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Exploring Fluorescence

We are so lucky to live on such an incredible planet. Fluorescence is present in nature around the world and this lesson guide will help you to explore that and open children's eyes to the magic around us. 


Tonic water contains quinine, a naturally occurring alkaloid chemical which fluoresces under ultraviolet light. It absorbs the ultraviolet light and re-emits it as visible light, making it a fun way to experiment and explore fluorescence at home. 

A little about quinine
Quinine comes from the bark of several species of cinchona trees which has been used to treat malaria since 1632. Found in South American, Central America, the islands of the Caribbean and parts of the west coast of Africa. Although quinine is sometimes still used as a medication against malaria in a pill form, it has a list of possible toxic side effects.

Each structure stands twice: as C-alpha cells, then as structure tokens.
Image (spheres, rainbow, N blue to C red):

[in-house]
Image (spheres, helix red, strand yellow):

It is used in small doses (diluted with water) as a flavour component in tonic water, giving it a bitter taste. 

Please note - You will need a black light for these experiments.

Fluorescent Ice Discovery

  1. Get some containers or ice cube trays. Freeze regular tap water and tonic water, separately. 
  2. Wait until night, remove ice from the freezer and crush it, spread it around on a tray under a black light and see how the tonic water glows a bright blue in comparison to the tap water ice.